Throwing Pottery Basics

I’m back from my fun holiday vacation and happy to be at Southwestern Community College teaching the Beginner/Intermediate Throwing class.  This, I think, is my favorite class to teach because I can watch the students grow from knowing nothing to making a teapot in 16 weeks.

One of my students recently asked if there were any good sites online to help her learn to throw. Here is a short list of sites that can help anyone learn to make a pot on the wheel:

YouTube is a GREAT start!  Search terms may be: centering pottery, centering clay, wedging clay, pottery wheel basics, etc.  Expert Village has a vast number of videos on Youtube.  I have to say, watch more than one!  Everyone throws a bit different, and not everyone is a good teacher.  The more you see, the better it will translate to you.

Another place to find videos is the Ceramic Arts Daily website.  This site is brought to you by the publisher of several ceramic arts magazines, and so they are interested in selling.  However, beside the selling points, this site offers great tips for the new and initiated potter!  Videos, books, shortened articles from their magazines, etc.

Lakeside Pottery has a pretty extensive site for a small studio in Connecticut.  They posted photos of each step of the throwing process, handbuilding techniques, surface decoration and more.  They really do a GREAT job online, and I am sure they do a mighty fine job in person if you happen to live near them and take a class. does a great job with both photos and text to help any beginner potter.  I particularly like their tutorial on wedging (preparing) clay for those with hand a wrist strains, called the Cut and Slap method.

These links should keep a beginner occupied online for several hours.  Perhaps in the near future I will post a list of books I recommend for learning about throwing pots on a wheel.

Until then, if you are in Bryson City, North Carolina, check out the classes I offer at Pincu Pottery or consider taking a class at the Heritage Arts Institute!


Learning to Throw

Anita learns to throw a pot


Manabigama to Fire!


Joe Frank has done it!  The kiln is complete and we should be stoking the kiln all day Tuesday.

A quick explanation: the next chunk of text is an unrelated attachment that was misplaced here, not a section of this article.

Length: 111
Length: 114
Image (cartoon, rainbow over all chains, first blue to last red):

Here are some photos of the final kiln and the loading process… (oops… I forgot my camera during the last of the build!)

The first photo is of PROUD JOE FRANK.  He should be proud.  The castable went on smoothly and the kiln looks fabulous!  (Sorry for the poor quality – its from my cell phone!)

JoeFrank McKee proudly looks out from the Manabigama

Proud dad of a new Manabigama kiln! Check out the castable around the arch!

JoeFrank loads the kiln

JoeFrank loading the kiln!

Hank helps load the kiln

Hank, who made this entire project happen, helps load

Connie watches JoeFrank load her pieces

Connie watches JoeFrank load her pieces

Manabigama – LeVeL

Well…. Joe Frank did it.  Scott helped create a form and Joe Frank poured castable and concrete to level both the firebox and the kiln.  It, apparently, is now level and we are ready to begin building up, up  and away!

A Level Firebox

Firebox is now level.

Wooden form will eventually come off and we will begin bricking up the floor of the kiln.  The firebox is poured castable on hardbrick.  The kiln itself has concrete.  The firebrick will go ontop of the concrete.  Lets hope this baby lasts and lasts.  Personally, I have never poured anything but the keystone of a kiln (and used castable for the exterior).  Of course, to be perfectly honest, I have little experience building kilns.  I think I have participated in just one true kiln building class where we built a kiln from scratch.  So…. I just should keep my mouth shut.

Side view of Manabigama

Manabigama in construction - side view

On the right is the firebox (yellow brick = firebrick).  The wood frame is still there to hold the concrete/castable.  Next week we begin bricking the floor of the kiln!

We will have a wood kiln soon!!!!

I’ll keep you posted.